On Flint river, there lived a poor, friendless woman, who had the misfortune of being suspected of witchcraft. At first, it was spoken of in whispers, then more boldly, until it culminated in a warrant issued for her arrest by David Knott, Esq., living near Oakville. A day was fixed for the trial, and it needed no public proclamation to make it widely known. When it arrived many of the young men of Moulton went out to witness the trial. A good many witnesses were examined without a definite result, until a young woman (who was pale and seemed to be in bad health) was introduced, who swore that she was washing on the creek one day, got very tired, and sat down at the root of a beech tree to rest herself, and that the old woman, who was accused, came down the tree in the form of a squirrel with his tail curled over his back, barking at her and put a spell on her, and that she had been sick ever since, and had puked up a good many hair balls. The squire, who seemed before to have been in a brown study, seemed relieved of his perplexities, straightened up and announced that as the proof was now positive, he should send the prisoner to jail, and commenced writing the mittimus. An expression of dumb amazement settled on the face of every sensible man in the crowd, except Gallagher’s. (the accused woman’s attorney). He was calm and self-possessed. He rose and very modestly asked permission of the court to make a single remark. The squire replied: “You can make as many remarks as you please.” “Then, sir,’ said Gallagher, “allow me to remind you that it would be useless to send the woman to jail, for if she is really a witch, she can escape through the key-hole; and if she should be innocent, it would be a great pity for her to be sent to prison.” The old squire was in a great quandary, muttered to himself: “That’s so; that’s so!” and added, “but what shall we do with her?” Gallagher answered “that the case might rest just where it was until the grand jury met, and then it could be laid before them.” This course was adopted, but the matter was never more moved.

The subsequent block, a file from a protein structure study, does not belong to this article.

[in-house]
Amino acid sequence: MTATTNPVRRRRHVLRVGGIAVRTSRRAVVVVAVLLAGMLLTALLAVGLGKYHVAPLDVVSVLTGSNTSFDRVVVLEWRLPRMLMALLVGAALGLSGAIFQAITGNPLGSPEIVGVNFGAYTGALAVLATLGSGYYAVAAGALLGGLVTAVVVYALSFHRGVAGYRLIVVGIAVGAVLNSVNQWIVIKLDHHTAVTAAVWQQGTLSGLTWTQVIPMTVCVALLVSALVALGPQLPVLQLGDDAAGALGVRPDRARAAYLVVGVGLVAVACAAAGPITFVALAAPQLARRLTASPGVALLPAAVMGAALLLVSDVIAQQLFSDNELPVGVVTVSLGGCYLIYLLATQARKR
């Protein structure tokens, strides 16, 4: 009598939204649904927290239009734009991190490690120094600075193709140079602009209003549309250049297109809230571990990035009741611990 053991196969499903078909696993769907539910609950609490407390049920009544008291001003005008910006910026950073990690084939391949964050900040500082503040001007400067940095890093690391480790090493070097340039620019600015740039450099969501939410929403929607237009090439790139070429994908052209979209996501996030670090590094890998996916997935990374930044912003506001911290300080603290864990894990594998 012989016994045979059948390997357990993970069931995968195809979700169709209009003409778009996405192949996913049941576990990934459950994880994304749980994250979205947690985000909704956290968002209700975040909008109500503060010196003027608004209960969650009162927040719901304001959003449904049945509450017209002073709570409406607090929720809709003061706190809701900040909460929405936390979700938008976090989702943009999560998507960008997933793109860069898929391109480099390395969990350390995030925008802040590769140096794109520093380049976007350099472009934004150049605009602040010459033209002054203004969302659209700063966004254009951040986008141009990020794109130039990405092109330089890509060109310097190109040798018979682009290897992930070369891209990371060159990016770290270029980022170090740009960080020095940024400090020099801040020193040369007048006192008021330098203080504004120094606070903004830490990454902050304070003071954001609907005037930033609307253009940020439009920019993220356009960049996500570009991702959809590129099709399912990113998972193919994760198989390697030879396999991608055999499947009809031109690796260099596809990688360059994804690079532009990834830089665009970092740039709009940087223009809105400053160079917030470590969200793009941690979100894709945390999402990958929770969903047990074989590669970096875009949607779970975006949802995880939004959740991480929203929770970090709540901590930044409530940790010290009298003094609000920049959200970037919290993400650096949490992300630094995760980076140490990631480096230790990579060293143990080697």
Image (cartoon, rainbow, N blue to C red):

Regardless of their background or past history, the Mississippi Territory was a land where opportunities for immigrants to achieve economic independence and wealth seemed boundless.

1Saunders, Col. James Edmonds, Early Settlers of Alabama with Notes and Genealogies, Graham & Son, Ltd., Printers, 1899

2Saunders, Col. James Edmonds, Early Settlers of Alabama with Notes and Genealogies, Graham & Son, Ltd., Printers, 1899

3Saunders, Col. James Edmonds, Early Settlers of Alabama with Notes and Genealogies, Graham & Son, Ltd., Printers, 1899

ALABAMA FOOTPRINTS Immigrants: Lost & Forgotten Stories (Volume 5)

ALABAMA FOOTPRINTS Immigrants includes some lost & forgotten stories of their experiences such as:

  • The Birth of Twickenham
  • Captain Slick – Fact or Fiction
  • Vine & Olive Company
  • The Death of Stooka
  • President Monroe’s Surprise Visit To Huntsville

ALABAMA FOOTPRINTS Immigrants: Lost & Forgotten Stories (Volume 5) (Paperback)


By (author): Donna R Causey

List Price:$12.97 USD
New From:$12.97 USD In Stock

About Donna R Causey

Donna R. Causey, resident of Alabama, was a teacher in the public school system for twenty years. When she retired, Donna found time to focus on her lifetime passion for historical writing. She developed the websites www.alabamapioneers and www.daysgoneby.me All her books can be purchased at Amazon.com and Barnes & Noble. She has authored numerous genealogy books. RIBBON OF LOVE: A Novel Of Colonial America (TAPESTRY OF LOVE) is her first novel in the Tapestry of Love about her family where she uses actual characters, facts, dates and places to create a story about life as it might have happened in colonial Virginia. Faith and Courage: Tapestry of Love (Volume 2) is the second book and the third FreeHearts: A Novel of Colonial America (Book 3 in the Tapestry of Love Series) Discordance: The Cottinghams (Volume 1) is the continuation of the story. . For a complete list of books, visit Donna R Causey

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One comment

  1. Steve Nicholson

    My Nicholson’s and Landers followed their Birdwell kin to Rusk Co Texas out of Lawrence County. 4th Great Grandma Mary Allen Birdwell’s cousin was Eliza Allen, Sam Houston’s wife from his troubled marriage.